The new Secrets of the Eastern Shore book, 181 Great Events on Delmarva, celebrates the annual celebrations of the Delmarva Peninsula. Most chapters are devoted to a single event, like this one. Others combine similar events that happen around the same time into one section. Most chapters (also like this one) included a suggested side trip as well. Publication date: April 2020.
Delmarva Heritage Days
When: Late March
Where: Pocomoke City, Md.
Region: Lower Eastern Shore of Maryland
NUTSHELL: Regional decoy carvers set up shop in a first-rate little museum dedicated to the stories of life on Delmarva through the centuries.
During this weekend-long opportunity to take a deep dive into the artistry, traditions, and subculture of decoy carving, you’ll be able to meet and chat with veteran carvers as they work on pieces while set up in the middle of the exhibit rooms at the Delmarva Discovery Center & Museum.
Decoy carving didn’t begin as an art form. Up until the early 1900s, the wood ducks that carvers created were everyday tools in the hunting trade. Wherever you found ducks, you’d find a few carvers churning out wooden birds to make some bucks on the side. Things changed when factories started making cheaper, mass-produced decoys. Only the best of the best carvers made a successful transition into a modern-day world of decoys fit for private collections and museums—this event is about showcasing that artistry.
The museum is well done, so be sure to spend time with its exhibits. Step outside and you’ll be in downtown Pocomoke City. The Pocomoke River runs through town. You can stroll its banks by way of Cypress Park.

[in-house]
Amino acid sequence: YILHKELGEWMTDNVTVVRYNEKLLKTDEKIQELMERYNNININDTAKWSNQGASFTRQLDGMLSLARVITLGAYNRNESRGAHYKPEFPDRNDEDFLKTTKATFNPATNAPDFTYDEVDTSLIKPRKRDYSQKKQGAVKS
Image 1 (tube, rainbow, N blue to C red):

Interesting presentations and panel discussions scheduled through the weekend will touch on other waterfowling traditions. In recent years, programs have focused on such topics as the glory days of old hunting clubs and the storied “outlaw gunners” of the early 1900s.
Extra! Faith in the Ruins
Head to the north side of that Pocomoke River and into Somerset County along Route 13, turning left onto Route 667 (Rehobeth Road), winding this way and that before turning onto Coventry Parish Road, where the ruins of a church by that name will soon appear. Just three walls remain standing at Coventry Parish, which was built in the late 1780s. Those post-revolutionary years were tumultuous times in American religious history. The British Anglican Church that formerly ruled the roost in Maryland fell on hard times due to its association with the losing side. This building was part of the effort to reinvent that faith as an all-American institution, the Episcopal Church. Folks worshipped at Coventry for a century before abandoning the place in the late 1800s.
The nearby Rehobeth Presbyterian Church is chock full of history as well. Believed to be the country’s oldest Presbyterian church building in continuous use, it was erected in 1706 and has been remodeled a couple of times since. The “Father of American Presbyterianism,” Francis Makemie, probably preached here. Many of the faithful back then would have traveled to hear him by way of the Pocomoke River rather than along overland roads.
• Coventry Parish Info: https://mht.maryland.gov/secure/medusa/PDF/Somerset/S-70.pdf
• Rehobeth Presbyterian Info: facebook.com/pages/Rehobeth-Presbyterian-Church/109562005736090
–This is a free excerpt from 181 Great Events on Delmarva, a book that serves as a guide to fun annual events all over the peninsula. Copyright 2020 Whimbrel Creations LLC/Secrets of the Eastern Shore. All rights reserved.
Publication date: April 2020, which is when you will find the book at this link.